Where the Boys Are '84

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Where the Boys Are '84
Where the Boys Are '84.jpg
Directed by Hy Averback
Produced by Allan Carr
Written by Stu Krieger
Jeff Burkhart
Music by Sylvester Levay
Cinematography James A. Contner
Edited by Bobbie Shapiro
Mel Shapiro
Distributed by Tri-Star Pictures
Release date
  • April 6, 1984 (1984-04-06) (U.S.)
Running time
94 minutes
Country United States
Language English
Box office $10,530,000 (USA) (sub-total)

Where the Boys Are '84 (onscreen title: Where the Boys Are) is a 1984 American comedy film and a remake of the 1960 teen sex comedy film Where the Boys Are, starring Lisa Hartman, Russell Todd, Lorna Luft, Wendy Schaal and Lynn-Holly Johnson. Directed by Hy Averback and produced by Allan Carr, it was the first film released by Tri-Star Pictures.[1]

The film's tagline is: When girls want a vacation filled with fun, sun and romance, they go to Fort Lauderdale ... Where all your dreams come true.


Four co-eds from snowbound Penmore College head to Fort Lauderdale, Florida for spring break: Carole (Lorna Luft) taking a separate vacation from her steady boyfriend Chip (Howard McGillin), winds up as a hot contender in a "Hot Bod Contest"; Jennie (Lisa Hartman) is doubly lucky, courted by both a rich classical pianist (Daniel McDonald) and a devil-may-care rocker (Russell Todd); Sandra (Wendy Schaal) looking for the Mr. Right who will finally satisfy her; and Laurie (Lynn-Holly Johnson) dreams of a night of unbridled passion with a real he-man. Laurie ends up getting her wish, albeit through a rather unexpected source.

During the week-long festivities, the girls meet Sandra's snobbish aunt Barbara Roxbury (Louise Sorel) and her friend Maggie (Alana Stewart) and get to sample much of Fort Lauderdale's nightlife. They are also invited to a formal party at Barbara's house, which ends up being crashed by hundreds of spring breakers.

Production notes[edit]


Whereas posters and advertising material presented the film's title as Where the Boys Are '84, the onscreen title is simply Where the Boys Are.


Although touted as a more "realistic" version of the popular 1960 film, with nudity and drug references, the date rape storyline of the original does not appear in this version. Jeff Burkhart and Stu Krieger were both nominated for Worst Screenplay by the Golden Raspberry Awards, losing to John Derek for Bolero.

Filming locations[edit]

Where the Boys Are '84 was filmed from May 16, 1983 to June 26, 1983 at the following Florida locations: Royal Palm Yacht and Country Club in Boca Raton; Lauderdale Beach Hotel and City Limits Nightclub in Fort Lauderdale; Young Circle Bandshell in Hollywood.


Release and box-office[edit]

Where the Boys Are '84 was produced independently by ITC Productions and was distributed by TriStar Pictures after Universal Pictures rejected it.[1] The film was released nationwide on April 6, 1984 and was both a box office and critical flop, earning one of the year's worst film reviews from critics. It ranked #5 at the US box office grossing $3.6 million on its opening weekend. Its total domestic gross was $10.5 million. It was nominated for five Razzie Awards - including Worst Picture - with Lynn Holly-Johnson winning for Worst Supporting Actress.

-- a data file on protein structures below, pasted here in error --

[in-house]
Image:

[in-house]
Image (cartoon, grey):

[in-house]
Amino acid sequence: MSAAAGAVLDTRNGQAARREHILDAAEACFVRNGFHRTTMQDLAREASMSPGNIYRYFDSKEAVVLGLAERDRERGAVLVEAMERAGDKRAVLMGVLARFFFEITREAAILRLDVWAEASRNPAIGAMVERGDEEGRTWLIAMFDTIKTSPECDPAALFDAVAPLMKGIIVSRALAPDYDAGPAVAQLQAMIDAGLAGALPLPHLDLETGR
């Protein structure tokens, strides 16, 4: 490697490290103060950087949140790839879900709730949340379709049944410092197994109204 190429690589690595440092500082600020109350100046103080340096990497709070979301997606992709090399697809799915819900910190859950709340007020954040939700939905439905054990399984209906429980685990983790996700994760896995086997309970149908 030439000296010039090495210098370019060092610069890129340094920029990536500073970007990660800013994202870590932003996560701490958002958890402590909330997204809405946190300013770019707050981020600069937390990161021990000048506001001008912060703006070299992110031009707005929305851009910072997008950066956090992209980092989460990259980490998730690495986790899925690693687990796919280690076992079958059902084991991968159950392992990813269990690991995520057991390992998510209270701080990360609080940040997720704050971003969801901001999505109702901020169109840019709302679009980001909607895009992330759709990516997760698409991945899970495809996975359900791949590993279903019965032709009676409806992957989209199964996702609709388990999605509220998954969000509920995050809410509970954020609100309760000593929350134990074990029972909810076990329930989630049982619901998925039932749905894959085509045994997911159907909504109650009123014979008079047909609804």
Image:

Janet Maslin, writing for The New York Times, called the film "dumb, vulgar and mostly humorless."[2] Roger Ebert, writing for The Chicago Sun-Times, reported, "It isn't a sequel and isn't a remake and isn't, in fact, much of anything."[3]


Where the Boys Are '84:
Music from the Motion Picture Soundtrack
Soundtrack album by various artists
Released April 1984
Recorded Cherokee Recording Studios
Hollywood, California
Genre Soundtrack
Label RCA Records
Producer Denis Pregnolato

Where the Boys Are '84 soundtrack album was released on vinyl and cassette tape by RCA Records. The film's title track cover version by Lisa Hartman was released as a 7" single with the B-side "Hot Nights" by Jude Cole. However, it failed to chart.

Side A
  1. "Hot Nights" – Performed by Jude Cole
  2. "Seven Day Heaven" – Performed by Shandi
  3. "Mini-Skirted" – Performed by Sparks
  4. "Be-Bop-A-Lula" – Performed by The Rockats
  5. "Jenny" – Performed by Peter Beckett
Side B
  1. "Where the Boys Are" – Performed by Lisa Hartman
  2. "Woman's Wise" – Performed by The Rockats
  3. "Girls Night Out" – Performed by Toronto
  4. "Slippin' & Slidin'" – Performed by Phil Seymour
  5. "All Fired Up" – Performed by Rick Derringer

Awards and nominations[edit]

Year Award Result Category Recipient
1985 Golden Raspberry Awards Won Worst Supporting Actress Lynn-Holly Johnson
Nominated Worst Picture
Worst Screenplay
Worst Musical Score
Worst New Star Russell Todd

Home video[edit]

The film was released on VHS by Key Video in September 1984, but has since gone out of print. On August 23, 2011, the film was released on DVD in region 1 by Scorpion Releasing.

See also[edit]

Spring Break, a 1983 film with a similar setting and tone


  1. ^ a b London, Michael. "Tri-Star Bows With A Universal Castoff." Sarasota Herald-Tribune (February 18, 1984).
  2. ^ "FILM: LAUDERDALE QUARTET, 'WHERE THE BOYS ARE'," Janet Maslin, The New York Times, April 7, 1984
  3. ^ Chicago Sun-Times Review:Where the Boys Are '84 By Roger Ebert, January 1, 1984.

External links[edit]